My wife and I subscribe to the Hunt-a-Killer Mysteries. Each thematic murder mystery unfolds over 6 months. Each month we get a box of evidence that is filled with clues and story details.

Hunt A Killer Review: A Board Game Experience Redefined

Honestly I was stunned by the quality of the evidence sources each month. The company nails important details like newspaper clippings that are double sided and printed on newsprint as well as small details like the different handwriting on notes written by different characters. In the Stand alone “Death at a Dive Bar” there is a matchbox with a phone number which we thought would be funny to call – We got the voicemail of the character in the game! Each month has a specific goal too. In the season for “Curtain Call” we were helping solve a Cold Case murder of an famous stage actress from the 1920s. The first month we had to determine the murder weapon, then we had to start eliminating suspects. Part of the fun of the game is that some of the clues are hidden in ciphers than need to be broken and by manipulating the objects into correct orders or locations. For example, in Death at a Dive Bar we had to refold some envelopes to find a clue.

Solve a Mystery at Home with 'Hunt A Killer: Curtain Call' (Review) | by  Kevin Gossett | No Proscenium: The Guide To Everything Immersive

All told these are really fun Date Night and Game Night activities. The puzzles are fun and help engage our “Achiever” player type need to demonstrate mastery. We are also touching on our “Socialiser” type needs by playing together. In some cases we have hosted murder mystery nights over Zoom to really tap into this!

Classroom Applications

The Hunt-a-Killer model reminds me a bit of both the Breakout Edu craze as well as that of an old DBQ (document based question) model. I am intrigued by the possible classroom applications of this hybrid. My one complaint about the Breakout Edu model is the overemphasis on puzzle solving. The critical thinking element is important but the content knowledge/acquisition often takes a back seat to the puzzle solving. I have often found that students are able to get by with almost no content knowledge if they are good at puzzles. DBQs suffer from the opposite problem. They require a great deal of content acquisition or knowledge but have almost no element of exploration or challenge. In the end they are just research essays.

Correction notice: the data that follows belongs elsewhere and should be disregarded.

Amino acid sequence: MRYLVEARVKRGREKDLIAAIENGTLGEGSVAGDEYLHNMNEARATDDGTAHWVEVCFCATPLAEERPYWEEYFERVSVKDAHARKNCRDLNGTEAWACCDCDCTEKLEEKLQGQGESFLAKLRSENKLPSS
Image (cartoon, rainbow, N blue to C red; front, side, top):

My goal is to find a topic that can be applied to larger concepts but has some element of mystery. Then develop facsimile style primary sources evidence that can be investigated maybe with some ahistoric puzzle pieces like ciphered messages thrown in to add some fun challenges. Students could then work in some small groups to decipher clues, create a narrative out of the sources, and then present their interpretation. I would encourage creativity in the interpretations. For example, I would love to see students create a “Serial” style podcast or Tiger King Style Documentary!

Video killed the radio star, but the podcast has brought it back! -  Wonderhatch

That is pretty ambitious but the great thing about History classes is that there is always more research that can be done!

One last thought is that during this current Hybrid/Virtual instruction the Hunt-A-Killer method seems tailor made to the unstable nature of our instructional settings. While providing physical copies of the evidence boxes may not be feasible it is completely within the realm of possibility to scan in evidence and create a simple Google Site to display the pieces. To celebrate my wife’s birthday through a Socially Distanced Zoom party I was able to scan about 17 pieces of evidence in the stand alone “Death at a Dive Bar” and create a simple Google Site in under 2 hours. All the participants were able to see the initial evidence (there was some in a locked container!) and we were able to discuss over the Zoom call. It took us about an hour and a half to successfully solve the murder! Within that time we learned all about the marital struggles, business troubles, and weird real estate situations in this fictitious universe. Imagine what we could do with real life!

As I prepare for the second semester and the 2nd half of US History I think the following topics would be interesting to create these mysteries around. My only concern is to not let this fall into the “traumatic simulation” zone where students are asked to sympathize with or even role play abusers and racists. While some of the topics might deal with traumatic times and events the goal would be to treat the events with the respect they deserve. Please add some more in the comments!

  • The Tulsa Race Riots
  • Demise of the Buffalo
  • Massacre at Wounded Knee
  • Ida B Wells (a lot of options)
  • Exodusters
  • Spanish American War Causes
  • Filipino American War Causes
  • 1902 Coal Strike
  • US Joins WWI
  • Sacco and Vanzetti Trial
  • Bonus Army Marchers
  • FDRs Court Packing Plan